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Honda rethinks motorbike business amid ride-hailing boom

Investment in Singapore's Grab to follow shift away from ownership

The GrabBike motorcycle-hailing service is popular in Southeast Asian countries with crowded streets and underdeveloped public transportation. (Photo by Yumi Kotani)

TOKYO -- Honda Motor's investment in Southeast Asian ride-hailing app Grab under a partnership announced Monday is part of an effort to develop a new business model as the sharing economy threatens the Japanese company's dominance in the region's motorcycle market.

The Singapore-based service has spread to 34 cities across six countries since its 2012 launch.

Honda, the world's largest motorcycle manufacturer, dominates in many Southeast Asian countries. It boasted a 79% share of Thai sales, a 70% share in Vietnam and a 69% share in Indonesia last year. This success raises the question of why the undisputed leader has its eye on new services.

Ride-hailing services have taken off in recent years in countries where motorcycles are popular. Motorcycle taxis have become a key means of transportation in a region where progress on public transit is often slow. This has fueled the rise of smartphone apps as a tool to help motorcycle operators make money more easily.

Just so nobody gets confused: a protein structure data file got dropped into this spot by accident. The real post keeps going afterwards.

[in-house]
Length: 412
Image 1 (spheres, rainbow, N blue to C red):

Honda partner Grab is not the only company to tap this growing market. Uber Technologies launched motorbike taxi services in Indonesia and Thailand this year. Indonesia also has homegrown player Go-Jek.

Slumping motorcycle sales in emerging markets are another concern for Honda. Demand has flagged in Indonesia, while local upstarts are making for tough competition in India, the largest market. Honda's global motorcycle sales dipped 3% to 17.1 million units in fiscal 2015.

The company faces the question of how to build a new market. Honda will consider using such information as Grab customer data to develop new products and services. It will also put information technology to work to ease urban gridlock. Honda plans to offer environmentally friendly motorbikes to Grab operators as well.

The rise of ride-hailing could eat into major automakers' car sales as consumers shift from buying to sharing. Honda is trying to get out in front of this structural change and diversify profit sources.

In the U.S. and elsewhere, Honda has started out with motorcycles to build brand awareness and then drawn customers to cars later. But whether this blueprint will continue to work remains to be seen. Thinking outside the box to develop a new business model will be crucial to ensuring continued growth.

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